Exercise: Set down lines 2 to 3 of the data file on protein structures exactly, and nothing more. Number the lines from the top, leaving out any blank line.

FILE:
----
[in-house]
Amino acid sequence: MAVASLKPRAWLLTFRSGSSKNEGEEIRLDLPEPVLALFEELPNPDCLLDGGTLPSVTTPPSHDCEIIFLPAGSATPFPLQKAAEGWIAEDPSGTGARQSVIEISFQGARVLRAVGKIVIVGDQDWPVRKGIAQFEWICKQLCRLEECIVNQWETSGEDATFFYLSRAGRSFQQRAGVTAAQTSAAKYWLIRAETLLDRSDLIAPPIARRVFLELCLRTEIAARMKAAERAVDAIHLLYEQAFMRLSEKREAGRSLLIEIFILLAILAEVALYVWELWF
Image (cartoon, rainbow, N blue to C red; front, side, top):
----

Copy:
Amino acid sequence: MAVASLKPRAWLLTFRSGSSKNEGEEIRLDLPEPVLALFEELPNPDCLLDGGTLPSVTTPPSHDCEIIFLPAGSATPFPLQKAAEGWIAEDPSGTGARQSVIEISFQGARVLRAVGKIVIVGDQDWPVRKGIAQFEWICKQLCRLEECIVNQWETSGEDATFFYLSRAGRSFQQRAGVTAAQTSAAKYWLIRAETLLDRSDLIAPPIARRVFLELCLRTEIAARMKAAERAVDAIHLLYEQAFMRLSEKREAGRSLLIEIFILLAILAEVALYVWELWF
Image (cartoon, rainbow, N blue to C red; front, side, top):